Dodd-Frank Wall St. Reform
Americans have never lived with a financial crisis the depths of what we saw in the 2008 recession since the Great Depression. We essentially have no memory of it. People essentially wanted the financial system to be saved and the “bad guys” to be punished.
The Dodd-Frank Wall St. Reform Bill is the major legislation formed in response to the crisis. The bill created the Consumer Financial Protection Bureau, limited “too big to fail” bailouts, created a council to identify systemic risks, provided shareholders with say on executive pay, and provided new rules for credit rating agencies.
While the system was not changed or altered to the satisfaction of many including yours truly, what we got was transformative reform with much stronger consumer protection, much stronger authority for regulators than before the crisis, banks are forced to run much more capital, and are limited in size as no individual bank can be more than 10% of the banking system through acquisition. These constraints are much tougher than anywhere else around the world.
People wanted blood since the amount of damage caused by the crisis was enormous. We are still living with the scars of the crisis today. The amount of anger was rightfully though not wholly addressed in fixing the problem instead of bringing out the guillotine.
It’s always going to be a difficult task convincing people the worst crisis in our lifetime could have been much worse. It’s always going to be difficult to justify doing things you have to do to protect people from worse damage they have experienced, especially when it looks as though the people responsible for the mess were being rewarded.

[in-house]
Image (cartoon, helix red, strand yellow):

Better and Stronger
From 2008, the country still has many challenges including poverty, stagnating median incomes, increased inequality, and decreased confidence-just off the top of my head. Still, We are healing as a country from the effects of the crisis. We are a stronger country today, and relative to the challenges of other major economies, we are much better off.
Long Term Care
Less than 8% of Americans have protections for long-term care, but we will all need it. Nursing homes, home health aids, and therapists are apart of a 210 billion dollar industry that can impact you and your loved ones.
We insure ourselves for car wrecks, house fires, and even disease but what about old age? Unlike traditional health insurance, long-term care insurance is designed to cover services for those who can no longer take care of themselves and pay for services as part of their daily lives such as bathing, eating, and getting dressed.